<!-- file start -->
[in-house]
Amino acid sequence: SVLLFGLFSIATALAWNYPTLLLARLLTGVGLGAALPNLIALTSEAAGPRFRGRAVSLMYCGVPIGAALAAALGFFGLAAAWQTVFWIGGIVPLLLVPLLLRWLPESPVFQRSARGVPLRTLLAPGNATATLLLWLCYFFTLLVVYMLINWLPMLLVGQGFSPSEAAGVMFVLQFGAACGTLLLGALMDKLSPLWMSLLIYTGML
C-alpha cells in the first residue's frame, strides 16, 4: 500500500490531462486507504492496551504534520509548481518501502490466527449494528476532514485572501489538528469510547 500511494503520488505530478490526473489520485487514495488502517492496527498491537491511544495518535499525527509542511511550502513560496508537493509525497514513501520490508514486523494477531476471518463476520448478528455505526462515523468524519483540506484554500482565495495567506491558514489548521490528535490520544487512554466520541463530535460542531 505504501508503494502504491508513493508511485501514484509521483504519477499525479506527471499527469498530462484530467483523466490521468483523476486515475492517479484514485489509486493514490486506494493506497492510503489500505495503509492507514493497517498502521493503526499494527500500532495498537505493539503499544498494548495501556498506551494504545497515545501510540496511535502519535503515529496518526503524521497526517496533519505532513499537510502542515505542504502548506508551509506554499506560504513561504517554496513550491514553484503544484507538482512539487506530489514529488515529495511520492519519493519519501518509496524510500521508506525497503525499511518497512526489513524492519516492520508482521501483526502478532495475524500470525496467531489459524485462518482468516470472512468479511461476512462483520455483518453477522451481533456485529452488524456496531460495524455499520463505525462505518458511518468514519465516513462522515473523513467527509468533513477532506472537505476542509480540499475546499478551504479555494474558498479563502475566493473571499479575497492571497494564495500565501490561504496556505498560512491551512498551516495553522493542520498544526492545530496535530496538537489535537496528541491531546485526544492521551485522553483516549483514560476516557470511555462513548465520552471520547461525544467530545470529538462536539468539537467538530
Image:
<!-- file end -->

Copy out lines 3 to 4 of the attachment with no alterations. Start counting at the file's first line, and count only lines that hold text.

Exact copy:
C-alpha cells in the first residue's frame, strides 16, 4: 500500500490531462486507504492496551504534520509548481518501502490466527449494528476532514485572501489538528469510547 500511494503520488505530478490526473489520485487514495488502517492496527498491537491511544495518535499525527509542511511550502513560496508537493509525497514513501520490508514486523494477531476471518463476520448478528455505526462515523468524519483540506484554500482565495495567506491558514489548521490528535490520544487512554466520541463530535460542531 505504501508503494502504491508513493508511485501514484509521483504519477499525479506527471499527469498530462484530467483523466490521468483523476486515475492517479484514485489509486493514490486506494493506497492510503489500505495503509492507514493497517498502521493503526499494527500500532495498537505493539503499544498494548495501556498506551494504545497515545501510540496511535502519535503515529496518526503524521497526517496533519505532513499537510502542515505542504502548506508551509506554499506560504513561504517554496513550491514553484503544484507538482512539487506530489514529488515529495511520492519519493519519501518509496524510500521508506525497503525499511518497512526489513524492519516492520508482521501483526502478532495475524500470525496467531489459524485462518482468516470472512468479511461476512462483520455483518453477522451481533456485529452488524456496531460495524455499520463505525462505518458511518468514519465516513462522515473523513467527509468533513477532506472537505476542509480540499475546499478551504479555494474558498479563502475566493473571499479575497492571497494564495500565501490561504496556505498560512491551512498551516495553522493542520498544526492545530496535530496538537489535537496528541491531546485526544492521551485522553483516549483514560476516557470511555462513548465520552471520547461525544467530545470529538462536539468539537467538530
Image: